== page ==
You’ve undoubtedly heard the term “cloud computing” being used over the past couple of years, and you may be wondering what all of the buzz is about.
First, let’s make sure we’re talking about the same thing when we say “cloud computing,” as there is a good amount of confusion as to what exactly it is. The National Institute of Standards and Technology (NIST) provides the following definition:
Cloud computing is a model for enabling convenient, on-demand network access to a shared pool of configurable computing resources (e.g., networks, servers, storage, applications, and services) that can be rapidly provisioned and released with minimal management effort or service provider interaction.
That’s a mouthful.
The key characteristic of cloud computing is that the processing and storage of data is “in the cloud”; that is, the processing and storage of data is not in a specified, known or static location. This is in contrast to a more traditional model in which the processing takes place on a server in your office closet or the data center down the street.
Parallels to this concept can be drawn – and have been, in such books as The Big Switch by Nicholas Carr – with the electricity grid. You purchase the electricity to power your house and your office, most likely without any knowledge of where it is produced and what infrastructure is required to produce it. This is the concept behind “cloud computing.”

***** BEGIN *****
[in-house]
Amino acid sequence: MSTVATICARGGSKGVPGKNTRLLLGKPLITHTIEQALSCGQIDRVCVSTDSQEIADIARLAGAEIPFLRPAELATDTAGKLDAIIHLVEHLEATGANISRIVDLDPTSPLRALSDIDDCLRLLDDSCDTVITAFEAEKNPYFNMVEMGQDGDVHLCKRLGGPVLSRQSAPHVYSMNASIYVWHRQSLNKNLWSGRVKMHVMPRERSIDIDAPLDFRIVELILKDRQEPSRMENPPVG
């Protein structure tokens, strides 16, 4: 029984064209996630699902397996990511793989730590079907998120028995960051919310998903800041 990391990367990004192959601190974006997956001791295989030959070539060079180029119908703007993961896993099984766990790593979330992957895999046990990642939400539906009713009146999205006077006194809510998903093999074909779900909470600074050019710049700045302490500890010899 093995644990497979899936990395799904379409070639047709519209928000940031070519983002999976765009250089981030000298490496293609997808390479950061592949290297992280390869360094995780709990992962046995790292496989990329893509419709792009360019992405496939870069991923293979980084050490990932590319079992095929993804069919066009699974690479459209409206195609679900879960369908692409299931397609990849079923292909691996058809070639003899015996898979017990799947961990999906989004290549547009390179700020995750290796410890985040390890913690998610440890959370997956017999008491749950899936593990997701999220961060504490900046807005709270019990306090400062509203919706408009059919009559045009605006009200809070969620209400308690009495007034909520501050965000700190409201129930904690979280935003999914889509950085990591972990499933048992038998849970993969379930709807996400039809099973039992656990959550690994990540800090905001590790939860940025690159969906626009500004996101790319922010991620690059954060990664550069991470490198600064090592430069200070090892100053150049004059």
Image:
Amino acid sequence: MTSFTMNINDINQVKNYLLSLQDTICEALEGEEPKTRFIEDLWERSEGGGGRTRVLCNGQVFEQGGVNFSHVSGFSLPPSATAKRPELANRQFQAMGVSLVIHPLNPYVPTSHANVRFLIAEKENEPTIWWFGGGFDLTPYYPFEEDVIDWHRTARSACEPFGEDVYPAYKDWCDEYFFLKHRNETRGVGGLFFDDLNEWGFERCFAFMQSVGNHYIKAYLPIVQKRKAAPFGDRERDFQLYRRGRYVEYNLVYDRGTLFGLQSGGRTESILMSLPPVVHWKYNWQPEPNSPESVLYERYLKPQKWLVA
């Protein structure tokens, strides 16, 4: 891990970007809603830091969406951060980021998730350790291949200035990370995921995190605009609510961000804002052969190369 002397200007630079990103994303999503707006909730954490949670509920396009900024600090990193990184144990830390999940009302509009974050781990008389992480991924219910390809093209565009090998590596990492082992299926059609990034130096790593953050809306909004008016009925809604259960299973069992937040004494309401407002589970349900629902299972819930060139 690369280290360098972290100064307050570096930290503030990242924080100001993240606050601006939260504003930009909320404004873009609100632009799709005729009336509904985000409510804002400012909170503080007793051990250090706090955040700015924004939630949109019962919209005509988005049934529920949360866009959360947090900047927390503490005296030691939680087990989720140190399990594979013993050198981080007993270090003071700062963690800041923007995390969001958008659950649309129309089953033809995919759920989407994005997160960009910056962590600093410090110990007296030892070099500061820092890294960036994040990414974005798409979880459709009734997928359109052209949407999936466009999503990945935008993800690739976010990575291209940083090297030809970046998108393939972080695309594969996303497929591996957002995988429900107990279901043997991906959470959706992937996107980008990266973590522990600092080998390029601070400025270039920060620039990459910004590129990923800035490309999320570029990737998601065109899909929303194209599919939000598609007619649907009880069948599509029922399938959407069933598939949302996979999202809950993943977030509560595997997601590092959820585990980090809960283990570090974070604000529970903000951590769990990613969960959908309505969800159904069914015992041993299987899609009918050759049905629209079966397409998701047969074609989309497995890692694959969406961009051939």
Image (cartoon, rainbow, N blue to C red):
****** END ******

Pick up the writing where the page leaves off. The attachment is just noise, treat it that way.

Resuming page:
You want the “electricity” (computing power, applications, etc.), but you don’t need to know how the power plant (network, servers, etc.) works, and you certainly don’t want to buy a power plant of your own.
You may laugh at that last statement, but photographs of businesses in the early 1900s show that most businesses did have generators (power plants) of their own because the public electrical grid was not what it is today. It’s incomprehensible to us today that we would need to generate our own power each day to work, and the argument is that it will be equally incomprehensible in another ten years that you once had to run your own technology infrastructure.
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This article previously appeared on HaonTech.com